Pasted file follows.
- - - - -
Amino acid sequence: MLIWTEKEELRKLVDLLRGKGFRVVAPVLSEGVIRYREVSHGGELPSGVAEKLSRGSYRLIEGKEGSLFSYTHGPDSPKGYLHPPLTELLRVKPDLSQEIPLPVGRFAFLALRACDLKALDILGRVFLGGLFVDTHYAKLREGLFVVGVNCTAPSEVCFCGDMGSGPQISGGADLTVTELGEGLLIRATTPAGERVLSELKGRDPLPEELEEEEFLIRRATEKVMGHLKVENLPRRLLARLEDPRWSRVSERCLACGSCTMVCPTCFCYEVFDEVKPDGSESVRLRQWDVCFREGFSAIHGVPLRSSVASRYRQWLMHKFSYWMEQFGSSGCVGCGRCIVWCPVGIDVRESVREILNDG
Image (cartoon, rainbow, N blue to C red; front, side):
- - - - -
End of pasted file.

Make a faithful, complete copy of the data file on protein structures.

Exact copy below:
Amino acid sequence: MLIWTEKEELRKLVDLLRGKGFRVVAPVLSEGVIRYREVSHGGELPSGVAEKLSRGSYRLIEGKEGSLFSYTHGPDSPKGYLHPPLTELLRVKPDLSQEIPLPVGRFAFLALRACDLKALDILGRVFLGGLFVDTHYAKLREGLFVVGVNCTAPSEVCFCGDMGSGPQISGGADLTVTELGEGLLIRATTPAGERVLSELKGRDPLPEELEEEEFLIRRATEKVMGHLKVENLPRRLLARLEDPRWSRVSERCLACGSCTMVCPTCFCYEVFDEVKPDGSESVRLRQWDVCFREGFSAIHGVPLRSSVASRYRQWLMHKFSYWMEQFGSSGCVGCGRCIVWCPVGIDVRESVREILNDG
Image (cartoon, rainbow, N blue to C red; front, side):